The final course of German unification was therefore decided by a seven week conflict which determined that Prussia would dominate the German nationalist movement and Austria would be excluded. Prussian advances in weaponry and logistics made short work of the Austrians and soon Austria sued for peace. Prussia was not overly demanding in reaching a settlement, anxious to avoid having an embittered Austria as a future enemy. There was also little Austria had that Prussia wanted, they simply wanted Austria out of the way in the drive for German unification under Prussian leadership. Austria was excluded from German affairs and the old German Confederation was officially abolished, replaced by the short-lived North German Confederation which was simply a stepping stone to the united Germany. France helped negotiate the peace and one cannot help but wonder if Emperor Napoleon III realized that he was next on the Prussian menu. He was confident that his forces could defeat Prussia alone but he hoped Austria could keep the south German states from joining in. Again, however, events far beyond the control of Prussia worked together to isolate France.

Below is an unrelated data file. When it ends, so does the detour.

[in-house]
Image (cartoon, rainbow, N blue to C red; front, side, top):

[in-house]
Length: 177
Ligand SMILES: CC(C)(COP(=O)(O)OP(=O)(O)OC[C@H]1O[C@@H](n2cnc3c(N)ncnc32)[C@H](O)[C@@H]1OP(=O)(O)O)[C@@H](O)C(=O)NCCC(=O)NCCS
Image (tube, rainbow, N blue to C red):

Bismarck, naturally, did his best to encourage this by playing up French interest in certain south German territories but for the most part it was French policy which ensured they would remain friendless in the next war. An alliance was proposed consisting of France, Italy and Austria to contain Prussian expansion and, on the surface, it seemed easy enough to accomplish. The Austrians were eager take back pride of place from Prussia and Emperor Francis Joseph agreed to the demands of the Hungarians, thus creating the Dual-Empire of Austria-Hungary in the hope that this would quiet unrest and allow him to concentrate on the Prussian enemy. As tensions increased between France and Prussia, Napoleon III certainly seemed open to the alliance but it fell apart over the situation in Italy. King Victor Emmanuel II expressed support for the alliance (eager to nullify the threat of Austria) but the public remained adamantly opposed so long as French troops remained on Italian soil, referring to the garrison Napoleon III kept in Rome to maintain Papal rule over the city. So long as the French remained in Rome, Italy would not ally with France and if Italy would not ally with France, Austria would not risk taking her eye off of them and so would not ally with France either. Napoleon was stuck. He had gained little from garrisoning Rome but he did not want to risk Catholic anger by withdrawing his soldiers without the consent of the Pope and the Pope was not about to consent to such a thing as the presence of French bayonets were the only thing maintaining his authority over the Eternal City. The Austria-Hungary settlement also did not work out quite as planned for Emperor Francis Joseph as the Prime Minister of Hungary opposed any intervention with France against Prussia.

Austrian Kaiser Franz Joseph